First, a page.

Residents and Partners at Work: Youth Program Comes to Meadowview

Every Monday afternoon, apartment 108B at Meadowview Apartments in Pulaski, Virginia, is filled with the sounds of children making peanut butter crackers and opening books. That’s because Community Housing Partners (CHPC) has two AmeriCorps members working to bring resident services to the children of Meadowview. As part of CHPC’s Resident Integrated Services & Education (RISE) program, every Monday afternoon children meet with Linda Beal and Scott Bucey to focus on homework, educational play and games.

This 98-unit rental property, renovated in 2005, recently began providing resident services this year. The after school program started with only six children in the beginning of February, and in four short weeks doubled their enrollment to twelve. "We believe that’s a pretty successful beginning," Beal said.
About 23 children in elementary, middle, and high school currently live at the affordable housing community. "In a couple of weeks, we’ll make home visits to let more families know about the after school program," Bucey said. "Right now we’re just targeting elementary school children, but we’ll soon expand to provide services to other age groups."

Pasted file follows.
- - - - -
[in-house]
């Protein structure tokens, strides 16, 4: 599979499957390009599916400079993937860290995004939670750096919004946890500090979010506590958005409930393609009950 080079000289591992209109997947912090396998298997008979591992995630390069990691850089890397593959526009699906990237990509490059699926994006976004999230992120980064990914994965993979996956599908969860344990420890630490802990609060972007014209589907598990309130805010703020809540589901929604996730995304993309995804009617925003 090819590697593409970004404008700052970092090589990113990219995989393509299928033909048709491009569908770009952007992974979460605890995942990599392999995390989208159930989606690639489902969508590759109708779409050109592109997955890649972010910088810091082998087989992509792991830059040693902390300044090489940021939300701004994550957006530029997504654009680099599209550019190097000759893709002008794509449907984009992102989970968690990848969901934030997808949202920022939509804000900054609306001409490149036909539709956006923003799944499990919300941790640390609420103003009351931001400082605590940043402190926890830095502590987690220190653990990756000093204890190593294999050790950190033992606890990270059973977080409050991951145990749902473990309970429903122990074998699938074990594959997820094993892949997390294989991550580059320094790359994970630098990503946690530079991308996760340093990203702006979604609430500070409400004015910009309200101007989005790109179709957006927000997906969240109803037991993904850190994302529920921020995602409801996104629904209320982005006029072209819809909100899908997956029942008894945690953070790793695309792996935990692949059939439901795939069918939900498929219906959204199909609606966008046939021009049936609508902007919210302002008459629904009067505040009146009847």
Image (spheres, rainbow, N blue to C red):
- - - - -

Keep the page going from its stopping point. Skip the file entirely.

Part of that expansion includes partnering with local churches to provide transportation for field trips on Friday afternoons, as well as a mentoring program for middle and high school students. A summer program and new computer center are also in the works. CHPC funded the center and new equipment, including five computers, television, VCR, tables, chairs and storage units. Internet access, and more chairs and counter space are also on the way.
 
In a partnership with the Virginia Commission for National and Community Service, CHPC’s AmeriCorps program focuses on providing academic success, violence prevention and citizen involvement for disadvantaged, at-risk youth. According to the U.S. Census Bureau and national statistics, students from low-income families are more likely to drop out of school, succumb to criminal activity or substance abuse, and perform poorly in school.
 
At Meadowview, CHPC’s AmeriCorps members are trying to change that. "Our goal is to inspire children to do well in school," Beal said. "After awhile, the glow of homework will probably wear off, but I believe the children will still enjoy having a program just for them."